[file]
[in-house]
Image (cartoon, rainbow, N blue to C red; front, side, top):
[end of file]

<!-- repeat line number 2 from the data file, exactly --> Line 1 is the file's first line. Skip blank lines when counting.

Image (cartoon, rainbow, N blue to C red; front, side, top):